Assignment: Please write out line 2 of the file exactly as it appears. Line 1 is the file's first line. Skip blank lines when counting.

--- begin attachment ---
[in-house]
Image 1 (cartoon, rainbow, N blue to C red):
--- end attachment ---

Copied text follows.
Image 1 (cartoon, rainbow, N blue to C red):